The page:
Finally, let’s return to the recent merger of a different color.  This is a merger of a pharmaceutical and a health plan.  CVS has 9700 pharmacies and 1100 walk-in clinics nationwide.  Aetna is the third largest health plan in the country.  These entities are no small players on the health care stage.  In a quote from January 23rd’s issue of Forbes Magazine, “In theory at least, CVS has new incentive to bring down drug prices and push for the most efficacious…treatment choices to achieve more competitive insurance premiums.”  While for profit in health care is a total negative for me, I find this merger somewhat intriguing and perhaps, dare I say, hopeful?  CVS discontinued sales of cigarettes in 2004 and also banned all digitally altered photos on cosmetic products which promote eating disorders and depression.  These are not so much the decisions made by a courageous health care organization rather than a business enterprise.  All of the above encourages me to think that their mission statement may include quality care delivery at a truly competitive cost to the patient.  If you have Aetna insurance, at this point it is unclear how much your premium will change, if any, because Aetna has other contractual agreements besides its new one with CVS.  Only time will tell.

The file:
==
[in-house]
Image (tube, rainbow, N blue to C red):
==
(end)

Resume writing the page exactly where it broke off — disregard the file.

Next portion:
To summarize, the future of this new type of merger is an unknown at this point and we can only ponder the outcome, though I’m hopeful in this case.  Based upon the health care industry’s history of mergers, primary care practices have no cause to worry nor do their patients.  The concern would be if patients stopped going to their PCP because they found that a clinic was more convenient.  In terms of better long term wellness, that is not a wise choice.


See you Wednesday and we’ll chat

“the Heart and pulse of the Middle Class”